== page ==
William Eisner’s (The Sevigne Letters, 1994) tale of corporate intrigue has an interesting start: Laid-off high-tech engineer George Breal spends half a year coping with unemployment and finally secures an interview with Dr. John Lowell, president of the Cambridge, Mass., company Electronic Technologies.
Their talk is an apparent disaster, with Lowell living up to his reputation for being eccentric, obsessive and short-tempered—and Breal nonetheless gets the job. The setup hints at a high-tech version of The Devil Wears Prada, but the remainder is quite different. No conflict ever develops between the two; Breal in fact becomes a relatively minor character. And the book hinges largely on Lowell’s attempts to maximize his company’s profits and save it from a hostile German takeover. A more promising subplot concerns the friction between Lowell’s mistress, Edna, and his estranged daughter Catherine, who is revealed to have acted in pornographic movies. But readers are likely to lose patience with the lengthy boardroom scenes, which give more background on the development of an integrated circuit than most will ever need to know. And not everyone will relate to Lowell when he wins battles with his two great adversaries, labor unions and the press, just in time for a vacation in Paris. Hints are dropped throughout that Lowell’s health may be failing, but he winds up fully vindicated both as a business visionary and a family man.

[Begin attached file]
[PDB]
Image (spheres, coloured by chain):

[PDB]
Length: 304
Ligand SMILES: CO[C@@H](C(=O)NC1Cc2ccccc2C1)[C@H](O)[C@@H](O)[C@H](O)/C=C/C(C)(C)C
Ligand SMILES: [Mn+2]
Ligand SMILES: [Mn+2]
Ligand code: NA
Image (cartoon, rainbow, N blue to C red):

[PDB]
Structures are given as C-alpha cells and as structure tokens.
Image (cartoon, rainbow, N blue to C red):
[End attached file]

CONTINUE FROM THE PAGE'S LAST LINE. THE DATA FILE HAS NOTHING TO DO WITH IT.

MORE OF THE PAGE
Because Eisner is himself a former engineering executive who ran a Boston company similar to Electronic Technologies, it’s perhaps too easy to assume that this book is partly a memoir. But in either case, it never quite crosses the line that divides a compelling novel from a vanity project.